The Transformational COO

Trevor Hyre brings a spirit of change to his COO post.

October 31, 2014


TREVOR HYRE BRINGS A SPIRIT OF CHANGE to his position as chief operations officer (COO) of Pioneer West Virginia Credit Union, Charleston, W.Va. Under his leadership, the credit union has been transformed from an order-taking culture to a high-producing, no-nonsense workforce.

“I didn’t come in following the slow-paced, easy approach,” Hyre explains. “I didn’t want to just take business as it comes in. I wanted to go out and find opportunities.”

Taking advantage of those opportunities led to sharp increases in the credit union’s lending and credit card businesses. Since 2012, Pioneer West Virginia’s outstanding credit card balances have grown from $5.8 million to $10.2 million; other loans outstanding, from about $110.8 million to nearly $136.3 million; and the loan-to-share ratio, from 78% to 88.4%.

“I want to continue to grow the organization,” Hyre says. “We’re the financial institution of choice for the communities that we serve, the premiere employer for financial professionals, and the model for other financial institutions. We developed that mission statement at the first strategy session after I came on board [in December 2010].”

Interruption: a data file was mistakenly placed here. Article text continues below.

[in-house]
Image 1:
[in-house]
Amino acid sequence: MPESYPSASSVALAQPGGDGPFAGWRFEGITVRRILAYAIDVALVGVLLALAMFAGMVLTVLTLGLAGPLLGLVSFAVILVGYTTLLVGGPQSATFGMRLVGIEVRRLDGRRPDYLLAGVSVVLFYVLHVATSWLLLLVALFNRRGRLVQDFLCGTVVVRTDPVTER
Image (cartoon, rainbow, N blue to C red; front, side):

He adds that the credit union is still progressing toward those goals. “We’re not there at this point, but we’re headed in the right direction.”

As a leader in the credit union, Hyre hopes to inspire employees. “I want them to see what I do in my position, so that someday they can aspire to and do my job.”

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Hyre says he enjoys the COO position because his workday is always fluid. “There are employees underneath me and above me, and members to work with on a daily basis. Every day there’s another issue or opportunity. It makes you stay fresh, stay sharp.”

He says he’s passionate about helping credit union members. “My best time of the day is sitting with a member and showing them something that changes their financial life. I like seeing the reaction on people’s faces when they see that something is available to them that they thought wasn’t.”

Similarly, future credit union leaders won’t know the opportunities available to them unless they gain experience in a number of different areas while climbing the career ladder.

“You have to learn as much as you can,” Hyre explains. “If they gain knowledge and experience in other areas, they might find other opportunities that they prefer.”